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When no Christian priests or inquisitors were near, some Germanic and Scandinavian peoples told tales of their old Norse gods. The best of these gods was remembered as Baldr, a god of goodness. Tales described his murder by rival gods, dooming him to the netherworld of Hel until the great cataclysm, Ragnarok. While all Norse prophecies foretold that Ragnarok destroyed the world, some prophecies offered hope that Baldr would rise from Hel to help mankind.

For the Germanic and Scandinavian people who remembered the old Norse gods, the strife and catalcysms of the 14th century heralded Ragnarok. Many abandoned the relatively new Christian churches around them and began to make increasingly large and sometimes bloody sacrifices to the shrines of the old Norse gods, including Baldr. Thus, as the world began to break, legends tell that Baldr returned from Hel on the back of a golden dragon. Too late to prevent Ragnarok, Baldr nonetheless managed to save some of mankind’s realms and peoples.

In striving to save as many as possible from the ruination of Ragnarok, Baldr gathered together a coterie of determined wizards, sharing with them both great lore and power. The mightiest of these wizards became demigods, if they were not already. Many died in the struggle to save what little of the world they could. All, including Baldr, were greatly diminished by the effort expended to save both themselves and others. In this context, Baldr and those wizards aligned with him seek to develop a plan that assures survival, wonder, and progress for humanity.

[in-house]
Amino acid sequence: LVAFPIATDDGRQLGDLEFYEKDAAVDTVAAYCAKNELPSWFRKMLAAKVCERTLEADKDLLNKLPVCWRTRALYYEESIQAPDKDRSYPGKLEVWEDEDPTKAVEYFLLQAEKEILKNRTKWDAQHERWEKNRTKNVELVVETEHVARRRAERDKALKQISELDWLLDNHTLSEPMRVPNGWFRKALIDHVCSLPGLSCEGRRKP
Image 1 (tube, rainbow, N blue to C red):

Some believe that Baldr is one of the most ancient of the old gods who survived the Earth-destroying apocalypse of the Great Schism. If true, Baldr likely was worshipped under different names by peoples forgotten before the birth of the first Norsemen. Some also believe that Baldr is the latest incarnation of an elder god responsible for millennia of barbarous, bloody mayhem.  Enough uncertainty exists about Baldr's background to suggest that there is more lore to discover.

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